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Electronic Disclosure of Personal Information in the Decisions of Administrative Tribunals

February 2010

What should administrative tribunals consider when contemplating Internet publication of their decisions?

Federal administrative and quasi-judicial tribunals consider issues such as the denial of pension and employment insurance benefits, compliance with employment and other professional standards, allegations of regulatory violations, and challenges to federal public service hiring processes. These bodies, which are governed by the Privacy Act, commonly publish their decisions on the Internet, even though the decisions often contain personal details that not many people would be comfortable sharing widely -- salaries, physical and mental health problems, detailed descriptions of disputes with employers, and alleged wrongdoing in the workplace. Other information of questionable relevance is also sometimes included in the published decisions, such as the names of children, home addresses, places and dates of birth, and descriptions of criminal convictions for which a pardon has been granted.

Our Office has long shared the concerns of individuals who fear that participating in a tribunal proceeding could violate their privacy when the decision is ultimately posted online. Our Office, in consultation with our provincial and territorial counterparts, has therefore developed the following guidelines, aimed at maintaining the transparency of administrative justice, while also protecting the privacy of individuals.


Administrative and quasi-judicial bodies ("tribunals") widely utilize the Internet as an efficient, inexpensive and effective tool to communicate their decisions to the public. The benefits are many. By electronically disseminating their decisions, tribunals can better educate the public about their mandates, make precedent-setting decisions readily accessible, promote transparency and demonstrate accountability.

However, tribunal decisions may contain significant amounts of personal information. Some of this may be sensitive information, such as information about medical conditions, financial circumstances or mental health issues.

Often, the format of tribunal decisions published on the Internet and the personal information they contain has not changed to reflect the reality that the Internet provides unlimited access to tribunals' decisions to unlimited persons for unlimited uses.

Canada's information and privacy oversight agencies wish to highlight the challenges posed by Internet publication of personal information in tribunal decisions. When personal information is made available on the Internet, individuals are at greater risk of identity theft, stalkers, data profilers, data miners and discriminatory practices; personal information can be taken out of context and used in illegitimate ways; and individuals lose control over personal information they may well have legitimately expected would be used for only limited purposes.

In drawing attention to the privacy challenges posed by Internet publication of tribunal decisions, Canada's information and privacy oversight agencies do not intend to suggest steps that would limit access to personal information the publication of which is demonstrably necessary to achieve the legitimate goals of openness, accountability and transparency.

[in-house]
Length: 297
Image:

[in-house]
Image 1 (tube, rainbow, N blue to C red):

The courts are increasingly grappling with these difficult issues and many have developed policies to limit the disclosure of personal information through Internet publication of decisions. The purpose of this document is to help tribunals appropriately balance openness and personal privacy when publishing their decisions online by suggesting answers to a few key questions.

Given the diversity of tribunals, their enabling legislation and the mandates they discharge, a 'one-size-fits-all' approach to the disclosure of personal information on the Internet is not possible. This document offers general guidance for tribunals to adapt and apply to their individual circumstances as they attempt to achieve an appropriate balance between privacy and openness in the publication of their decisions on the Internet. The suggestions set out in this document are, for clarity, restricted to the publication of tribunal decisions on the Internet.

How can a tribunal be transparent about the disclosure of personal information?

Transparency will lessen the risk of privacy-related conflicts by providing important information to the parties and witnesses in advance, helping to manage the parties' expectations and enabling them to make informed choices. To make your tribunal's practices transparent:

  • Advise the parties of the specific policies, statutes and regulations that govern your tribunal's information-handling rules.
  • Give the parties notice of preliminary processes through which personal information may be identified and protected from disclosure prior to a public hearing.
  • Publish a written notice that describes your tribunal's practices regarding the publication of personal information online and in reasons for decision. This notice should identify:
    • the type of information that is generally made available to the public via the Internet;
    • how decisions are published electronically;
    • whether and when personal identifiers are included in decisions published on the Internet; and
    • what procedures are available for parties and witnesses to make submissions about the electronic disclosure of personal information of particular concern.
  • Develop a policy to guide your tribunal's exercise of discretion concerning the disclosure of personal information in decisions posted on the Internet and maintain a clear record of all decisions made pursuant to this policy.